Pain News Network recently wrote about a study which found that many treatments for back pain are ineffective.
It says that in a series of reviews in The Lancet a team of researchers found that back pain is quite often treated with the wrong advice including, inappropriate tests, risky surgeries, and painkillers.
They put that “The majority of cases of low back pain respond to simple physical and psychological therapies that keep people active and enable them to stay at work,” says lead author Professor Rachelle Buchbinder of Monash University in Australia. “Often, however, it is more aggressive treatments of dubious benefit that are promoted and reimbursed.”
The best type of treatment they recommend is primary care in the first instance and keep mobile, active and continue to work.
Most people with a new episode of back pain can recover quite quickly but the same problem can reoccur again and then take longer to heal the next time. Counseling, exercise, and cognitive behavioral therapy are other treatments advised with spinal manipulation, massage, acupuncture, meditation, and yoga as second-line treatments.
The Lancet authors say patients should avoid harmful and useless treatments, and doctors need to address widespread misconceptions about their effectiveness. For example, there is limited evidence to support the use of opioids for low back pain, and epidural steroid injections and acetaminophen (paracetamol) are not recommended at all.
Pain News Network also wrote that the findings in The Lancet series are similar to those reported in other medical journals. A 2016 study published in JAMA Internal Medicine found that regular exercise and education reduce the risk of developing lower back pain by as much as 45 percent.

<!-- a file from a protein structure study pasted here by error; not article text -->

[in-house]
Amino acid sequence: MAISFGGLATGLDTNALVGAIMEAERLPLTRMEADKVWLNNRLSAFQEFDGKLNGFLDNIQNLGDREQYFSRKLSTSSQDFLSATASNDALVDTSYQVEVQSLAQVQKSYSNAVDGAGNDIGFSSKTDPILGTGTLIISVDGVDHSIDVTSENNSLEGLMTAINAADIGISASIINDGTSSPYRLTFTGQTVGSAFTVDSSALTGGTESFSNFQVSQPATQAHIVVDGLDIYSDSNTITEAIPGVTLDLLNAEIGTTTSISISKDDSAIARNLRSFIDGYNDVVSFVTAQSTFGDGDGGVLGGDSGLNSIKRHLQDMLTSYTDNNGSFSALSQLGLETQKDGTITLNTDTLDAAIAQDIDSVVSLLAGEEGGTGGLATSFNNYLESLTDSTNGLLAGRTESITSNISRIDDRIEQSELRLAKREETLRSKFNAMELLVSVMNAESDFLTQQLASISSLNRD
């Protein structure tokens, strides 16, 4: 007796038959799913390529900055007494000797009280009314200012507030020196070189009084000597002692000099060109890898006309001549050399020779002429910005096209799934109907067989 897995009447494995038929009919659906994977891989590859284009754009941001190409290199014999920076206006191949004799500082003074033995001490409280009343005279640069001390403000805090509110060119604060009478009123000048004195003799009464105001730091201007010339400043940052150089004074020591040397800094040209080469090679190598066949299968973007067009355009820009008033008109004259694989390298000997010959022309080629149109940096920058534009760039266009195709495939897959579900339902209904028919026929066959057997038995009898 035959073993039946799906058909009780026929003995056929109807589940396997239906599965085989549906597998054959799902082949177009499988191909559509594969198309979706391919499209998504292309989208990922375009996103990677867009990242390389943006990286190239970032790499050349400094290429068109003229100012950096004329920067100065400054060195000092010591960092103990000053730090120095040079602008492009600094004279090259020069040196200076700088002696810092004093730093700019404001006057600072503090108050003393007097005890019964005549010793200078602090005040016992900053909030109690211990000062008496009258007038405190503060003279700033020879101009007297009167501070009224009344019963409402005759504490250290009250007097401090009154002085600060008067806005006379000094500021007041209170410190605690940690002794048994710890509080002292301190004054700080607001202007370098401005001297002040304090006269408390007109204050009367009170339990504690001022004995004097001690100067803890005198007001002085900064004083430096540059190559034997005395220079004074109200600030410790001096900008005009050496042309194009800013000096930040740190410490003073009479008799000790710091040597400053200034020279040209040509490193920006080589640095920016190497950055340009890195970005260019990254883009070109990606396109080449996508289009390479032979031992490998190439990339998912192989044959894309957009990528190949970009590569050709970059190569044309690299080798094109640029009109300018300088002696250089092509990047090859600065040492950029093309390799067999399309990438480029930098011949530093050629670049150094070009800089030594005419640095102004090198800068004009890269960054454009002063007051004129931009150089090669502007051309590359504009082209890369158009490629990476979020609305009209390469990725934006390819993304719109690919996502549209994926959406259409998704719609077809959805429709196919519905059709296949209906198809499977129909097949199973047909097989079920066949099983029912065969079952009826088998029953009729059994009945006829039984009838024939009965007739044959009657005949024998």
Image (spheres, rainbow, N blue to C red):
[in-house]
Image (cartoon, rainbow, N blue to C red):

Back in 1982 after my second episode of back pain which left me bent over, I was referred to an orthopedic consultant who put me on traction for a week in the hospital. To this day I have lasting problems from that traction. My first spinal surgery was in 1987 and I had a lumber discectomy for spinal bifida and a disc herniation and canal stenosis. Twelve months later I had to have further surgery but this time in my neck for a serious cord compression and a prolapsed disc which meant a two level fusion at C3/4.
By 1996 I needed further cervical surgery and in 1999 further lumber surgery. I have to agree with the primary care they suggest you have but unfortunately for some, all the treatment in the world will not sort the pain out unless you have surgery. I am sure like me anyone who has undertaken spinal surgery did not have it done unless it was very necessary. I was told I could not even pick up my young daughter as there was a risk of paralysis because the disc was in such a mess.
I do agree however that spinal surgery is not a quick fix and further problems were partly due to my initial surgeries but the only other option I was given was to have a plate inserted in my back from top to bottom.
With so many people, around 540 million people at any given time, suffering from back pain it is obvious that it is a very serious health problem to deal with.
Maybe some form of education about this should be introduced at school so children know from a very early age how to sit correctly (deportment was a factor when I was at school) and how to pick up and carry items, how to keep fit and watch their weight in order to avoid spinal problems in their adulthood.